PD 532


VESSEL – any vessel or watercraft used for
(a) transport of passengers and cargo or
(b) for fishing.

1. Knowingly aids or protects pirates;
2. Acquires or receives property taken by such pirates, or in any manner derives any benefit;
3. Directly or indirectly abets the commission of piracy.


Was issued in August 1974, punishing piracy, but not mutiny, in Philippine territorial waters.

Thus came about two kinds of piracy:
(1) that which is punished under the Revised Penal Code if committed in the high seas; and
(2) that which is punished under Presidential Decree No. 532 if committed in Philippine territorial waters.

Under PD 532, piracy may be committed even by a passenger or member of the complement of the vessel.

CRIMES, AMENDING FOR THAT PURPOSE THE REVISED PENAL CODE, AS AMENDED, OTHER SPECIAL PENAL LAWS, AND FOR OTHER PURPOSES) - amended Presidential Decree No. 532 and now punishes piracy, as well as mutiny, whether committed in the high seas or in Philippine territorial waters, and the penalty has been increased to reclusion perpetua from reclusion temporal.

There is still the crime of abetting piracy in Philippine waters under Presidential Decree No. 532.

Piracy cannot co-exist with the crime of robbery. Robbery, therefore, cannot be committed on board a vessel. But if the taking is without violence or intimidation on persons of force upon things, the crime of piracy cannot be committed, but only theft.

PIRACY is is a crime against humanity (hostes humanes generis).

Bar Exam Question (2000)

Robbery vs. Highway Robbery (2000)

Distinguish Highway Robbery under Presidential Decree No. 532 from Robbery committed on a highway. 

Suggested Answer: 

Highway Robbery under Presidential Decree 532 differs from ordinary Robbery committed on a highway in these respects:

1. In Highway Robbery under PD 532, the robbery is committed indiscriminately against persons who commute in such highways, regardless of the potentiality they offer; while in ordinary Robbery committed on a highway, the robbery is
committed only against predetermined victims;

2. It is Highway Robbery under PD 532 when the offender is a brigand or one who roams in public highways and carries out his robbery in public highways as venue, whenever the opportunity to do so arises. It is ordinary Robbery under the Revised Penal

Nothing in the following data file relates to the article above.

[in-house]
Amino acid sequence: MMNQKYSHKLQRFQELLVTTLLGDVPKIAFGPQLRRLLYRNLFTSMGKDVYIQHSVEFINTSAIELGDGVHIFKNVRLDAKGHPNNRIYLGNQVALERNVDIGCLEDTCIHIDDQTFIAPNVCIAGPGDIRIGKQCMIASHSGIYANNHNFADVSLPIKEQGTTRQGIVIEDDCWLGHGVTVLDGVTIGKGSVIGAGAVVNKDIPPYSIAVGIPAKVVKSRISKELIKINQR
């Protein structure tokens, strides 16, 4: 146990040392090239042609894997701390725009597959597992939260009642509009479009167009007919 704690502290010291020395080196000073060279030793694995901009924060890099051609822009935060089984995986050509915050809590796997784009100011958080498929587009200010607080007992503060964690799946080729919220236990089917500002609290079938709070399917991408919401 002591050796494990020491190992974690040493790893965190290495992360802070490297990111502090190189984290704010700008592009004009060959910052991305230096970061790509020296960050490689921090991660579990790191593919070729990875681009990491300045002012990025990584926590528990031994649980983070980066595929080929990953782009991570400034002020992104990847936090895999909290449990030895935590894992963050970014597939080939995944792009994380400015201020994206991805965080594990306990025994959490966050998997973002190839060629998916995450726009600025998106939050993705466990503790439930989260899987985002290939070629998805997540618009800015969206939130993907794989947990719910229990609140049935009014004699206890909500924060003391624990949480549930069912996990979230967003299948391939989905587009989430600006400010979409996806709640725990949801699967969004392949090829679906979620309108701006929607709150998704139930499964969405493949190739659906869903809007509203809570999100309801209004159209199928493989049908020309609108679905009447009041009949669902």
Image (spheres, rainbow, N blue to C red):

Code when the commission thereof in a public highway is only incidental and the offender is not a brigand: and

3. In Highway Robbery under PD 532, there is frequency in the commission of the robbery in public highways and against persons traveling thereat; whereas ordinary Robbery in public highways is only occasional against a predetermined victim, without frequency in public highways.

Bar Exam Question (2001)

Highway Robbery (2001)

Police Sgt. Diego Chan, being a member of the Theft and Robbery Division of the Western Police District and assigned to the South Harbor, Manila, was privy to and more or less familiar with the schedules, routes, and hours of the movements of container vans, as well as the mobile police patrols, from the pier area to the different export processing zones outside Metro Manila. From time to time, he gave valuable and detailed information on these matters to a group interested in those shipments in said container vans. On several instances, using the said information as their basis, the gang hijacked and pilfered the contents of the vans. Prior to their sale to "fences" in Banawe, Quezon City, and Bangkal, Makati City, the gang Informs Sgt, Chan who then inspects the pilfered goods, makes his choice of the valuable items, and disposes of them through his own sources or "fences". When the highjackers were traced on one occasion and arrested, upon custodial investigation, they implicated Sgt. Chan and the fiscal charged them all, including Sgt. Chan as co-principals. Sgt. Chan, in his defense, claimed that he should not be charged as a principal but only as an accessory after the fact under P.D. 532, otherwise known as the Anti-Piracy and Anti-Highway Robbery Act of 1972. Is the contention of Sgt. Chan valid and tenable? Explain, 

Suggested Answer:

No, the contention of Sgt. Chan is not valid or tenable because by express provision of P.D. 532, Section 4, a person who knowingly and in any manner, aids or protects highway robbers/brigands, such as giving them information about the movement of police officers or acquires or receives property taken by brigands, or who directly or indirectly abets the commission of highway robbery/brigandage, shall be considered as accomplice of the principal offenders and punished in accordance with the rules in the Revised Penal Code.

Alternative Answer:

No, the contention of Sgt. Chan that he should be charged only as accessory after the fact is not tenable because he was a principal participant in the commission of the crime and in pursuing the criminal design. An accessory after the fact involves himself in the commission of a crime only after the crime had already been consummated, not before, For his criminal participation in the execution of the highjacking of the container vans, Sgt. Chan is a co-principal by indispensable cooperation.